JP DeRose shows how to tie an improved clinch knot, one of the most popular and useful fishing knots out there.
JP DeRose provides step-by-step instructions for how to properly tie a palomar knot.
JP DeRose provides some tips on how to set up slip floats for skein fishing.
JP DeRose shows how to snell your hook for skein fishing.
JP goes over everything you ever wanted to know about the makeup a good jerkbait, from its profile and set of hooks, to its lip and weight transfer system.
Angling guide Brian Peyton talks about using 'a hitch' to rest a pool when fishing for Atlantic salmon in Newfoundland and Labrador.
Angling guide Pete Stacey talks about a good day fishing for wild Atlantic salmon in Newfoundland and Labrador.
Angling guide Gord Robinson chats about fishing for trophy brook trout in Newfoundland and Labrador - the last frontier.
JP goes over some of the varying styles of jerkbaits, and how they can target different depths.
JP DeRose offers tips on how to best use wacky rigs to catch bass, including proper casting and retrieval techniques.
JP DeRose describes what wacky rigging is all about, and demonstrates how to set it up for best results.
JP DeRose talks about how to properly set the drag for different types of fishing lines.
JP DeRose demonstrates the proper way to spool a spinning reel.
There seems to be thousands of different flipping jigs out there on the market. JP DeRose helps you sort through it all by breaking them down into two main categories.
JP DeRose gives you the low-down on flipping jigs, and why they've been such a classic bass fishing bait for years.
JP DeRose talks about the importance of downsizing bait when bass are a little lethargic.
JP DeRose provides some tips on how to fish for bass when there are no clouds in the sky after a cold front.
JP DeRose provides some insight on color choices for slop frogs.
JP DeRose talks about some of the features found in slop frogs that make them an effective bait.
JP DeRose demonstrates three different ways to rig a swimbait.
JP DeRose talks about the different types of soft swimbaits on the market and how to rig them.
JP DeRose goes over the best rod, reel, and line setup for crankbait fishing.
JP DeRose goes over the many different styles of crankbaits and what they're designed to best be used for.
Wayne Izumi from the Real Fishing Show provides three ice fishing tips for perch, and happens to catch one while sharing his technique.
Mariko Izumi gets some muskie fishing tips from none other than Jim Saric, host of The Musky Hunter.
Sport fishing entails angling for recreational or competitive purposes. In other words, you do it for fun rather than for food or survival. This can include saltwater sport fishing or freshwater sport fishing.
Sport fishing varies greatly in the desired fish species, equipment used, and location. Some instances allow for novice anglers to go sport fishing on the fly, without much preparation or planning. For example, beginner anglers can practice their skills in ponds, rivers, or Great Lakes sport fishing from the shore. The more controlled environments work well for those who are just starting out.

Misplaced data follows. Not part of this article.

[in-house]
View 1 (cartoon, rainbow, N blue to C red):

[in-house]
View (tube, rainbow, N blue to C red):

Here is a beginner's guide to fly casting.
More advanced and adventurous fishermen can choose to go offshore sport fishing. This often entails going after much larger fish and requires a lot more skill and preparation. For example, ocean sport fishing or deep sea sport fishing adventures can include large game fish like shark and tuna. It should go without saying that going after sharks and tuna is a lot different than trout and bass.
Here is a video that demonstrates some of the more advanced salt water sport fishing.
Fishing for the purpose of recreation gained popularity around the 16th century. In 1653, Izaak Walton published a book called The Complete Angler. The book is one of the earliest works that describes fishing's value as a recreational pastime.
It is historically ambiguous when exactly recreational fishing began. Fishing, traditionally, was an activity for purposes of sustenance and survival. Fishing purely for fun and releasing caught fish is a much more modern development.
The evolution of sport fishing to big game fishing was made possible by the motorized boats. The invention of big game fishing is largely attributed to Dr. Charles Fredrick Holder, who in 1989 published several articles and books on the subject. His works contain accurate scientific details and describe the excitement of the sport.
There are a number of reasons why recreational fishing has become so popular in North America. We outline some of the more important ones here for you.
Some of the more common salt water sport fishing fish species include: marlin, tuna, tarpon, sailfish, shark, mackerel, snook, redfish and salmon.
Popular North American sportfishing freshwater fish species include: bass, trout, pike, catfish, walleye, perch, rock bass, sunfish, and crappie.
Recreational fishing can be enjoyed year-round. Of course, spring, summer, and fall are the seasons when majority of recreational fishing occurs. Winter fishing in the southern states of the US is less of a problem as temperatures are usually permitting. However, American northern states and Canadian sport fishing during the winter is more of a problem. As temperatures drop, many fishing enthusiasts wrap up for the winter season in the cold regions. Those who choose to continue fishing in the winter can enjoy ice fishing.
Ice fishing is not for everyone. If you are willing to handle the cold to enjoy your favorite pastime, then it is definitely something to try out. For your northern sport fishing adventure you will need to prepare the right clothes, equipment, and read up on the safety and regulations for your destination. This can be the perfect idea for a unique Canadian sport fishing trip.